Going Back to School in Recovery
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Going Back to School in Recovery

Going Back to School in Recovery

Deciding to become sober is life-changing and presents to you many new and exciting opportunities. Among these opportunities might be your desire to go back to school. Working toward earning the degree you always wanted or pursuing a new career path is ultimately a positive choice that can offer you a rewarding outcome. However, if you decide to go back to school, you will want to consider all the pros and cons to determine if you are ready to undertake the challenge. Remember, your recovery is a life-long effort, so taking on too much too soon can harm your recovery. It is essential to always weigh your options and plan.


Substance use is prevalent among many students living on campus; therefore, you will want to determine beforehand if you can handle being in environments where substance use might be the sole activity. However, placing your focus on the curriculum, commuting to campus, and having others from your support system check in on you is an excellent approach to ensuring you can overcome any temptation to use. Practicing mindfulness and keeping a journal is also a great way to understand your emotions and triggers better. Understanding what might trigger you to use before attending school puts you in the best place to avoid and manage the triggers should they arise.

Going back to school will also present new challenges and demands on what could be an already busy schedule for you. You will want to evaluate your current schedule to see where your priorities and energy go and then try to see if you can incorporate a school schedule's demands. You will need to set time aside for homework and studying. A job, family, or support meetings can all interfere with your efforts. You will want to make sure you will not become burnt-out by going back to school. The ambition for pursuing a new goal is excellent; however, you want to move at your pace and be sure you can take on new challenges. It might help create a relapse prevention plan or work with a mentor to help you organize your goals and priorities.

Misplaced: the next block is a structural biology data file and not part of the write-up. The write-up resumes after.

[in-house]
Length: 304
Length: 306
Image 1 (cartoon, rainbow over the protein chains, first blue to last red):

Determining your educational goals and choosing a career path are also essential parts of going back to school. Perhaps you want a GED to improve your employment prospects, or maybe you want to fulfill the remaining credits needed on a major you were already pursuing. Knowing what you are going for will help keep you focused and motivated on what you want from a school. Determining what kind of career you want after earning your degree will also help you decide which college program is right for you. It also enables you to choose the amount of time you need to dedicate to your college education. For example, certain degrees only require you to attend a community college or another trade school that offers associate's degrees – most of which take two years to earn. However, a four-year degree is necessary for most professional fields such as teaching, nursing, or accounting.